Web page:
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Physiotherapy. 2014 Jun;100(2):162-8. doi: 10.1016/j.physio.2013.10.003. Epub 2013 Dec 27.

Feasibility, safety and outcomes of playing Kinect Adventures!™ for people with Parkinson's disease: a pilot study.

Author information

1
University of São Paulo; School of Medicine; Department of Physical Therapy, Speech and Occupational Therapy, São Paulo, Brazil. Electronic address: j.e.pompeu@usp.br.
2
University of São Paulo; School of Medicine; Department of Physical Therapy, Speech and Occupational Therapy, São Paulo, Brazil.
3
School of Physical Education and Sports, Motor Behavior Laboratory, University of Sao Paulo, Brazil.
4
Department of Rehabilitation and Movement Science of Rutgers University, United States of America.

Abstract

OBJECTIVES:

To assess the feasibility, safety and outcomes of playing Microsoft Kinect Adventures™ for people with Parkinson's disease in order to guide the design of a randomised clinical trial.

DESIGN:

Single-group, blinded trial.

SETTING:

Rehabilitation Center of São Camilo University, Brazil.

PARTICIPANTS:

Seven patients (six males, one female) with Parkinson's disease (Hoehn and Yahr Stages 2 and 3).

INTERVENTIONS:

Fourteen 60-minute sessions, three times per week, playing four games of Kinect Adventures!

MAIN OUTCOME MEASURES:

The feasibility and safety outcomes were patients' game performance and adverse events, respectively. The clinical outcomes were the 6-minute walk test, Balance Evaluation System Test, Dynamic Gait Index and Parkinson's Disease Questionnaire (PDQ-39).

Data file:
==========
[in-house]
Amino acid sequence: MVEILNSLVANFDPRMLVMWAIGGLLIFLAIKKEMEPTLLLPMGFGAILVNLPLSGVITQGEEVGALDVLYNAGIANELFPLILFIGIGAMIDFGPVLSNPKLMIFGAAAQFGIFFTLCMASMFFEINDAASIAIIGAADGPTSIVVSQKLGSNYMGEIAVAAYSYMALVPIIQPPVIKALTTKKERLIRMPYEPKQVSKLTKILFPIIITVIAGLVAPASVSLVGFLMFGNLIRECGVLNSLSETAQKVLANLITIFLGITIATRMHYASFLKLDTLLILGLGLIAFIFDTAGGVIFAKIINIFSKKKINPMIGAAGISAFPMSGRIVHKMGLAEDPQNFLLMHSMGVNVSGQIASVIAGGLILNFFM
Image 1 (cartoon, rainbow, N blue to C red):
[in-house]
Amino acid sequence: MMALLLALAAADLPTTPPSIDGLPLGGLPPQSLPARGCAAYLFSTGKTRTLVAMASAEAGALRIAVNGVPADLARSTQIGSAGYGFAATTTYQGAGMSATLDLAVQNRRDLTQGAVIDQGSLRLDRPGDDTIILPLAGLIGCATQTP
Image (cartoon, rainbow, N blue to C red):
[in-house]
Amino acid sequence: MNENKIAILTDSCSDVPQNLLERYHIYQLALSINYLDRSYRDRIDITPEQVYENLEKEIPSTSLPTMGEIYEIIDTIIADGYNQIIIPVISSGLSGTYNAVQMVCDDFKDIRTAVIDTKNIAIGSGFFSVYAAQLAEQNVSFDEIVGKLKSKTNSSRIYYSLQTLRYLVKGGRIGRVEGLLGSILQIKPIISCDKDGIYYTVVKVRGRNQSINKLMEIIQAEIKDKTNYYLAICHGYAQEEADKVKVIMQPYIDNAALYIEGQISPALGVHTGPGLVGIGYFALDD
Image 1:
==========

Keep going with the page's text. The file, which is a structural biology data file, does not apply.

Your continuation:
RESULTS:

Patients' scores for the four games showed improvement. The mean [standard deviation (SD)] scores in the first and last sessions of the Space Pop game were 151 (36) and 198 (29), respectively [mean (SD) difference 47 (7), 95% confidence interval 15 to 79]. There were no adverse events. Improvements were also seen in the 6-minute walk test, Balance Evaluation System Test, Dynamic Gait Index and PDQ-39 following training.

CONCLUSION:

Kinect-based training was safe and feasible for people with Parkinson's disease (Hoehn and Yahr Stages 2 and 3). Patients improved their scores for all four games. No serious adverse events occurred during training with Kinect Adventures!, which promoted improvement in activities (balance and gait), body functions (cardiopulmonary aptitude) and participation (quality of life).

KEYWORDS:

Learning; Parkinson disease; Postural balance; Quality of life; Video games; Virtual reality therapy

PMID:
24703891
DOI:
10.1016/j.physio.2013.10.003
[Indexed for MEDLINE]
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